Timid, Secretive, Mildly Venomous Snake Is Missing at the Bronx Zoo in the Middle of a Thunderstorm

We may earn a commission from links on this page.
Photo: Cymothoa exigua (Wikimedia Commons)

A three-and-a-half-foot mangrove snake has gone missing from an enclosure at New York’s Bronx Zoo.

An escaped snake sounds scary, but in this case it’s nothing for zoo visitors to worry about. According to an email from the zoo, the following sign was posted on the Jungle World exhibit this morning:

Dear Visitors

A 3½ foot long mangrove snake is missing from its exhibit in JungleWorld.

They are mildly venomous, but not dangerous to people.

Mangrove snakes are a shy, arboreal species that are active at night. There is little chance of seeing or coming into contact with this snake due to its timid, secretive nature.

But if you see it, please notify a staff person.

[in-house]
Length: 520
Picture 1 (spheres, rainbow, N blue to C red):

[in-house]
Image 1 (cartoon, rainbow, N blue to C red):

When a tipster told Gizmodo that a snake had gone missing, we naturally envisioned a human-eating fiend on the loose at one of the country’s largest zoos. Fortunately for humanity and unfortunately for the snake, the zoo confirmed that the specimen is merely a terrified, relatively small, secrets-having nocturnal reptile that is somewhat venomous but not venomous enough to kill a person.


In the wild, you might spot the mangrove snake in southeast Asia. It’s a black snake with yellow spots and spends its days clinging to branches, then descends at night to feed on rodents, birds, and small reptiles, according to one website devoted to Thailand’s national parks. It can even swim!

I’m glad that the snake does not pose a threat to zoo visitors. But I hope someone finds it soon, because this snake sounds like it’s likely experiencing the serpentine version of a panic attack, frightened and alone in the big city during a thunderstorm.